Adepoju AV, Ogbudebe CL, Adejumo OA, Okolie J, Inegbeboh JO. Implementation of isoniazid preventive therapy among people living with HIV in Northwestern Nigeria: Completion rate and predictive factors. J Global Infect Dis [serial online] 2020 [cited 2021 Oct 15];12:105-11. Available from:

   Background/rationale Top

Tuberculosis (TB) is the leading cause of morbidity and mortality among people living with HIV (PLHIV) in developing countries. In 2017, TB was responsible for 37% of deaths among PLHIV.[1] The World Health Organization recommended 300 mg daily isoniazid (INH) preventive therapy (IPT) for 6 months as a proven strategy for the prevention and treatment of latent TB among PLHIV. Adherence and completion of the full course of IPT are important determinants of clinical benefits of IPT to patients and a critical indicator to measure the performance of the National TB Program and End TB Strategy. Several studies have documented the effectiveness and benefits of taking the full course of IPT in reducing the risk of TB and re-activation of latent TB in both developed and developing countries.[2],[3],[4] In Ethiopia, the use of IPT led to a 50% reduction in TB cases when compared with non-IPT group, whereas in Indonesia, IPT administration led to a 79% reduction in the risk of active TB among PLHIV.[5],[6] Despite the proven effectiveness of IPT, its utilization has been suboptimal among PLHIV, especially in low-income countries. Studies from Botswana and Uganda also expressed concerns about adherence and treatment completion rate of IPT among PLHIVs.[7],[8],[9]

There are several barriers to IPT implementation, limiting completion of the full course of IPT. IPT completion rate appears to vary across settings, subpopulations, country policy guidelines on duration of treatment, availability of incentives, and whether IPT is provided alone or prepackaged with ART. For instance, studies from Zambia, Kenya, and Ethiopia concluded that under programmatic implementation, combination of IPT with additional package of interventions such as incentives for patient travel reimbursement, training of health-care workers, provision of Information, Education and Communication (IEC) materials and Standard Operating Procedure (SOPs), quality adherence counseling by physicians, patient follow-up, and continuous quality improvement have higher completion rate,[3],[10],[11],[12],[13] compared with implementation not combined with the above package of interventions.[14]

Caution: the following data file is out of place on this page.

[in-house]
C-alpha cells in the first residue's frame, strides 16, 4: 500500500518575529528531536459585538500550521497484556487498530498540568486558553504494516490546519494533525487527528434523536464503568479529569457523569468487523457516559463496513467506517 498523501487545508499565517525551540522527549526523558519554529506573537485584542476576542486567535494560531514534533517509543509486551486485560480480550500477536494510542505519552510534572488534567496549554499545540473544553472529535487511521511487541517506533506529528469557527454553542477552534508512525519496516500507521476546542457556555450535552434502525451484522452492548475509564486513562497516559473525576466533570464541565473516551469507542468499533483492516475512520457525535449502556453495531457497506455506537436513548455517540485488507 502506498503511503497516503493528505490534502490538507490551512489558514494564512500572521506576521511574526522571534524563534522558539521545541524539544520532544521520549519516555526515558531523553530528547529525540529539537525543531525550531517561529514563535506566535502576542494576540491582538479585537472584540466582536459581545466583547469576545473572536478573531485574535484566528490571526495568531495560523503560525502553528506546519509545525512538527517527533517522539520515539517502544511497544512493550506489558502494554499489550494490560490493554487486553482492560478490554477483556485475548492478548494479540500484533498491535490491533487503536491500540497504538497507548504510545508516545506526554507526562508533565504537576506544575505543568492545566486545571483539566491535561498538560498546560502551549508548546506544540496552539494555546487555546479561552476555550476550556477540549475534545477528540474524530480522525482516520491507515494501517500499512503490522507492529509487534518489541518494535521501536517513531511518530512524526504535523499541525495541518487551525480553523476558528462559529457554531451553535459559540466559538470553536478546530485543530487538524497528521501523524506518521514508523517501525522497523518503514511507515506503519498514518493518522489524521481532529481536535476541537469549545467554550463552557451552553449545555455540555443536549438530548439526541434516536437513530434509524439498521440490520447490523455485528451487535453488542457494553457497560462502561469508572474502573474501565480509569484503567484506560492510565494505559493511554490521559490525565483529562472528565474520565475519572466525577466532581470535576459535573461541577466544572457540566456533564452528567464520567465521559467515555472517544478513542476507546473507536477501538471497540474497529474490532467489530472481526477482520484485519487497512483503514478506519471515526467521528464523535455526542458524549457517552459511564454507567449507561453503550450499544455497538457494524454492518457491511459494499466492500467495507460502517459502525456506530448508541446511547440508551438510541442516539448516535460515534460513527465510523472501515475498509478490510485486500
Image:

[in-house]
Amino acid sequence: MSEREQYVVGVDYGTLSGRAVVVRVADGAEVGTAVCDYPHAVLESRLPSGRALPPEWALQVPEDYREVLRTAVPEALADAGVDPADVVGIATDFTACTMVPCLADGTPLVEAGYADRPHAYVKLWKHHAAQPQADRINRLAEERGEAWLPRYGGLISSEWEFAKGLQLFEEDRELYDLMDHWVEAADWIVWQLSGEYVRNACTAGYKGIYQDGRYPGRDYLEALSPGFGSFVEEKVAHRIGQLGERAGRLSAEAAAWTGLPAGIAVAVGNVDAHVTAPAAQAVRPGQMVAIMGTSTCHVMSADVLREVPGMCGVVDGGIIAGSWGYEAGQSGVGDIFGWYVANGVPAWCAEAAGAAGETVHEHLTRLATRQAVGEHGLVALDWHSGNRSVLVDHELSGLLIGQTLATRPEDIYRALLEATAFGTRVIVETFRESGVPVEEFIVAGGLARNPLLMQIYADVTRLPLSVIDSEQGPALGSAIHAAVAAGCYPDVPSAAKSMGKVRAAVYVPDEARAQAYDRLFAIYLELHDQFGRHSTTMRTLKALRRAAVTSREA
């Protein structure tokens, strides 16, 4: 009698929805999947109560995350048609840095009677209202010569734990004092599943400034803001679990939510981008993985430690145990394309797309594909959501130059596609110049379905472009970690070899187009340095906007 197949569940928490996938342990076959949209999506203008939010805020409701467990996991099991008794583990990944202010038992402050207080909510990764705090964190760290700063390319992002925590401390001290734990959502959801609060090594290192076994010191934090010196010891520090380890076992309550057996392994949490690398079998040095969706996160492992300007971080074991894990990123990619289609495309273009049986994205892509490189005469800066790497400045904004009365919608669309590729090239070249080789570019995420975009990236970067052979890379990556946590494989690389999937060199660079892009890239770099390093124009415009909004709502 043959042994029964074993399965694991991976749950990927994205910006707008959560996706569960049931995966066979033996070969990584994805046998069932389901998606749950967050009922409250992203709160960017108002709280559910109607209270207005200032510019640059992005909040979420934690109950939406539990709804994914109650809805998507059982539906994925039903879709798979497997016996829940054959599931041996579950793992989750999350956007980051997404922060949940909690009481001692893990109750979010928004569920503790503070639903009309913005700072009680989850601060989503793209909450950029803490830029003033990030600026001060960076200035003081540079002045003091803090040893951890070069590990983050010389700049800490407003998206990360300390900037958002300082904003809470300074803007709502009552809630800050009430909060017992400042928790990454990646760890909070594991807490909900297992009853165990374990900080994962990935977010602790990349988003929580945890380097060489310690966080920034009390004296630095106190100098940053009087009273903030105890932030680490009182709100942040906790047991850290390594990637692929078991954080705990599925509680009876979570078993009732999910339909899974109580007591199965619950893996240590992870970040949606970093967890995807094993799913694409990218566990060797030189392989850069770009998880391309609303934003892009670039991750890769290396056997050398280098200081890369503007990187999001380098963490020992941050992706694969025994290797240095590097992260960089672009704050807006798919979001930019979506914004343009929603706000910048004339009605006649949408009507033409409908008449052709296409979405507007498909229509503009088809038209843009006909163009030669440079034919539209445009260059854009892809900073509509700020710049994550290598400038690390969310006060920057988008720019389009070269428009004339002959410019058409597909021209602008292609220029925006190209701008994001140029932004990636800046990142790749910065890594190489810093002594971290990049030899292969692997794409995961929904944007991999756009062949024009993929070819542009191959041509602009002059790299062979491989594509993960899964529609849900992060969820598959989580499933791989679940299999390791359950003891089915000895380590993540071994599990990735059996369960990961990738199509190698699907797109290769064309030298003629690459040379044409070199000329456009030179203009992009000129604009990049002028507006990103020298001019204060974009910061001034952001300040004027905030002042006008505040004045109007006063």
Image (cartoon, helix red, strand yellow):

A systematic review of interventions to improve the adherence and completion of IPT concluded that completion rate was not only higher (82%; 66%–95%, confidence interval [CI]: 95%) among PLHIV and contacts compared with prisoners and immigrants (22%; 6%–43%, CI: 95%) but also varied inversely with the duration on IPT.[15] Higher completion rate was reported with a 3-month treatment regimen compared with a 9-month regimen.[15],[16] The National TB Program in Nigeria recommends systematic TB screening of PLHIV using a 4-symptom clinical screening algorithm at every visit followed by the Genexpert test for symptomatic PLHIV.[17] The number of PLHIV placed on IPT has increased from 27,000 in 2006 to more 1.3 million PLHIV started in 2016.[1] Despite the progress, 18 of the 30 high TB/HIV burden countries did not report IPT among people newly enrolled in HIV care in 2016.[1] Data on the feasibility and completion rate of IPT, as well as predictive factors, are limited in Nigeria. One study in Nigeria reported a completion rate of 63%, but this was only by the 2nd month of treatment.[18] Another study from Northern Nigeria reported a higher completion rate of 93% among PLHIV on ART compared with 80% among Pre-ART.[19] None of these studies evaluated predictive factors influencing the completion of IPT among HIV-infected population when implemented under programmatic settings.